NASA seeking commercial proposals for lunar sample collection
Over the next four years, NASA will pay for private companies to harvest rocks and soil from the moon, as the agency takes the initial steps to field sustainable lunar exploration.
Bids for the solicitation are due by October 2, 2020, as NASA seeks worldwide competitive proposals for contracts for the lunar collections. The agreement must include collecting between 50 and 500 grams of lunar regolith, imagery of the resources and data, locations, and an ‘in-place’ mechanism to transfer sole ownership and usage rights of the samples to NASA. Under the program, the goal would be to complete retrieval and transfer by 2024.
In a post on his personal blog, NASA Administrator Jim Bridenstine commented on the request for proposals, stating “As we at NASA are working aggressively to meet our near-term goal of landing the first woman and next man on the Moon by 2024, our Artemis program also is focused on taking steps that will establish a safe and sustainable lunar exploration architecture… We are putting our policies into practice to fuel a new era of exploration and discovery that will benefit all of humanity.”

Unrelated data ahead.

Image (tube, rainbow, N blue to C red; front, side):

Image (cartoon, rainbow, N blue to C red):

President Donald Trump signed an executive order earlier this year that permits private companies to engage in the collection and use of resources gathered in space. The executive order serves as an additional affirmation of a decision put forth by congress in 2015 allowing private companies and interested others the ability to engage in usage of space resources.
Theresa Cross grew up on the Space Coast. It’s only natural that she would develop a passion for anything “Space” and its exploration. During these formative years, she also discovered that she possessed a talent and love for defining the unique quirks and intricacies that exist in mankind, nature, and machines. Hailing from a family of photographers—including her father and her son, Theresa herself started documenting her world through pictures at a very early age. As an adult, she now exhibits an innate photographic ability to combine what appeals to her heart and her love of technology to deliver a diversified approach to her work and artistic presentations. Theresa has a background in water chemistry, fluid dynamics, and industrial utility.